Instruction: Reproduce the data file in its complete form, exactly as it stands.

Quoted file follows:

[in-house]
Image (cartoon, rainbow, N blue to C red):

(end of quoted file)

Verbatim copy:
[in-house]
Image (cartoon, rainbow, N blue to C red):